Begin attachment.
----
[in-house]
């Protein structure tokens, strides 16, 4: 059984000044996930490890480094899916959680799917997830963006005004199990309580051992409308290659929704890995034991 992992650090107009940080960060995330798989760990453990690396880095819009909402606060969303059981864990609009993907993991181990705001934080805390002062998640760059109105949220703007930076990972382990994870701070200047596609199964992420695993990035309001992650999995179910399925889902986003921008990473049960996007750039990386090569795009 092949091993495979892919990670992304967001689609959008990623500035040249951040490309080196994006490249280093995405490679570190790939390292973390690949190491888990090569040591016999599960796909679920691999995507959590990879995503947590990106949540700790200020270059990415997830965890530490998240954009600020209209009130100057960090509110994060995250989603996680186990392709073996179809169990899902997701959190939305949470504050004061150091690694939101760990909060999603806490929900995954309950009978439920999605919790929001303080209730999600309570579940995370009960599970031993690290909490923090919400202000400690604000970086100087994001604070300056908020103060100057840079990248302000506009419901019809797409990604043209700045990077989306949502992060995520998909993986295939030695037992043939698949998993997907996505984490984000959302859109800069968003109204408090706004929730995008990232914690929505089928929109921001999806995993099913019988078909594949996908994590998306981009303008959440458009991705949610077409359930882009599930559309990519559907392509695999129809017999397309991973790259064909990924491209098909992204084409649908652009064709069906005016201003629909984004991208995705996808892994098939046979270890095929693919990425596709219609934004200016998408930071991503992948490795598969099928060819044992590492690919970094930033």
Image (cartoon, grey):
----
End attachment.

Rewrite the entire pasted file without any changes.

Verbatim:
[in-house]
């Protein structure tokens, strides 16, 4: 059984000044996930490890480094899916959680799917997830963006005004199990309580051992409308290659929704890995034991 992992650090107009940080960060995330798989760990453990690396880095819009909402606060969303059981864990609009993907993991181990705001934080805390002062998640760059109105949220703007930076990972382990994870701070200047596609199964992420695993990035309001992650999995179910399925889902986003921008990473049960996007750039990386090569795009 092949091993495979892919990670992304967001689609959008990623500035040249951040490309080196994006490249280093995405490679570190790939390292973390690949190491888990090569040591016999599960796909679920691999995507959590990879995503947590990106949540700790200020270059990415997830965890530490998240954009600020209209009130100057960090509110994060995250989603996680186990392709073996179809169990899902997701959190939305949470504050004061150091690694939101760990909060999603806490929900995954309950009978439920999605919790929001303080209730999600309570579940995370009960599970031993690290909490923090919400202000400690604000970086100087994001604070300056908020103060100057840079990248302000506009419901019809797409990604043209700045990077989306949502992060995520998909993986295939030695037992043939698949998993997907996505984490984000959302859109800069968003109204408090706004929730995008990232914690929505089928929109921001999806995993099913019988078909594949996908994590998306981009303008959440458009991705949610077409359930882009599930559309990519559907392509695999129809017999397309991973790259064909990924491209098909992204084409649908652009064709069906005016201003629909984004991208995705996808892994098939046979270890095929693919990425596709219609934004200016998408930071991503992948490795598969099928060819044992590492690919970094930033």
Image (cartoon, grey):